Maybe it is time to be a bit more generous to French President Nicolas Sarkozy and look at the outcome of what he does rather than the way that he does it.
The original launch of the Mediterranean Union almost sank the whole enterprise. Appearing to speak without giving the issue much thought, Sarkozy initially proposed a club of European and mostly Arab states along the Mediterranean’s shore. It would have been in essence a French-run enterprise that the rest of Europe would have paid for. This did not go down well, particularly with the Germans.
There was also a strong suspicion that the French were trying to find a way to buy off Turkey with a relationship falling well short of European Union membership.
So the auguries for an attempt to revitalize Europe’s relationship with its Mediterranean partners were not good. But by the time of the grand Paris Summit in July to send the new club on its way, the initial suspicions had largely been overcome. Sarkozy bowed to his European critics and enjoyed a diplomatic triumph. We shall soon see whether there is substance to the initiative, or whether it is just a coat of fresh paint on an old and tired idea. The original Barcelona Process, launched in 1995, was an excellent scheme.
Intended to provide an economic and political backdrop to peace-making through confidence-building in the Middle East, it was an admirable recognition of Europe’s historical, commercial, cultural, and political ties with its neighbors to the south of the sea which has brought us all together over the years.
There were aspirations for a free-trade area by 2010. There were pledges of political integration based on shared values. There were people-to-people links. There was a forum where Israelis and their long-term Arab foes could sit together and discuss other matters than the West Bank and the Gaza Strip. There was a development budget. And there were meetings.
So many meetings.
The effort was far from worthless. Development projects were funded through grants or cheap loans, and these have probably played at least some part in increasing the attractiveness of the Maghreb and the Mashraq to foreign investors. There was some lowering of agricultural and other tariffs by the EU. Dialogue on political reform, and euros to support it, helped further the process in some countries, notably Morocco and Jordan. There was some co-operation on common problems like drugs and illegal immigration.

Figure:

But, as a significant component of Europe’s policy toward its most crucial neighbors, the successes of the Barcelona Process were modest: a great idea on the launch pad had difficulty getting off the ground.
So Sarkozy deserves at least two and a half cheers for trying to revitalize it. But if the Mediterranean Union is to achieve more than was managed in its first manifestation, a number of things will need to happen.
First, Europe is better at talking about free-trade areas than delivering free trade. For example, there are still too many barriers to agricultural trade between the North and the South. And guess which country leads the opposition to any significant opening up of European agriculture. Step forward, France, and take a bow.
Second, however slow we have been in opening up a real Mediterranean market, the barriers to freer trade between Arab League countries are just as great.
Third, it was excellent that in Paris Sarkozy began the process of bringing Syria in out of the diplomatic cold. We must also hope that his attempts to act as a peace-broker between West Bank Palestinians and Israel are blessed with success.
But the truth is that Europe, for all the gallant efforts of Javier Solana, has been absent from serious politics in the Middle East. We have not dared to cross America. A largely non-existent European policy toward the region has been dictated by the absentee monopolists of policy in Washington.
Europe should get more seriously involved, even at the risk of occasionally irritating America, which may be less likely to happen once the Bush administration is history. For a start, we should recognize that there will be no political settlement in Palestine without including Hamas. What would incredibly have been former British Prime Minister Tony Blair’s first visit to Gaza in his first year of peace-making had to be canceled recently because of security concerns. Enough said.
Finally, Europe has to decide how serious it is about all the admirable stuff in the Barcelona Process on pluralism, civil society, the rule of law, and democracy.
Is Europe serious that a shared concept of human rights should be one of the foundations of our Mediterranean partnership? If so, what are we in Europe proposing to do about it? If this is just blah-blah, better not say it.
We discredit ourselves and important principles when we say things that we do not mean.
Lord Patten is a former Governor of Hong Kong and European Commissioner for External Affairs. He is currently Chancellor of Oxford University and Co-Chair of the International Crisis Group. This article is published by Daily News Egypt in collaboration with Project Syndicate, www.project-syndicate.org.